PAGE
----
I was lucky enough to recently attend the presentation of the Pritzker Prize in Architecture at the Rijksmuseum in Amsterdam. This year’s winner was Shigeru Ban, who is probably best known for his work in disaster relief using cheap materials like cardboard tubes. His do-it-yourself refugee shelters have been used in Japan, Turkey, and Rawanda. Check out his cardboard cathedral built after the earthquake in Christchurch, New Zealand.
I’ve always been interested in real estate and architecture. My original major was Civil Engineering, but after taking the introductory course and discovering that I’d have to learn way more about concrete than I ever wanted to know, I switched to Electrical Engineering. Ever since then, though, I’ve been trying to find ways to be involved—bought a rental during the boom (bad idea), built out our offices, and was super involved in building our house, which was a ton of fun.
Early in 2011, I was going back and forth between companies and wishing everyone could be in the same space. I was working with Matt Garrison and Marc Muinzer on Energy.Me already, and they had an extensive knowledge and great track record in real estate, so we started to look at buying a building for our companies and projects. We ended up settling on a building in Chicago’s West Loop neighborhood and moved everyone into the space—it was open plan with 18-feet ceilings, bright, and well designed. (It took some work, though, including the extraction of a giant fish tank supported by steel beams.)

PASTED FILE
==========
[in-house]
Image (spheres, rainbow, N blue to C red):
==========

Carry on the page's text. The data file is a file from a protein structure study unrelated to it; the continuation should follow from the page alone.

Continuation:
With the success of our first property, we began to look at similar buildings. We’ve been lucky on timing, but there is a logic to our strategy. Our belief was—and is—that there is limited supply of loft office buildings, particularly open spaces with high ceilings and good windows. Often, you can buy these buildings at far below replacement costs—no one is going to build a brick and timber loft building today; it’s way too expensive. Thus, you’re buying with a margin of safety in a market with limited supply. Also, from a timing standpoint, by 2011 the banks had finally written down the values on these assets to a point they were ready to transact—most of what we bought was from banks or through bankruptcies.
I believe the spaces you live and work in have a significant effect on you mentally. Big, open, bright spaces make you happy and feel more creative, versus a dingy, dark office that makes you want to leave. There is no better problem to solve than your own, and this is probably the easiest way to find an opportunity—be a user and design for yourself. I knew what kind of office we wanted and figured if we want it, other people do as well. We’re nearly fully occupied everywhere we own and can’t find much else to buy, which is the best indicator. Our portfolio has grown to more than 600,000 square feet of mostly loft office, and we’ve assembled an awesome team including leasing, property management, construction management, and acquisitions.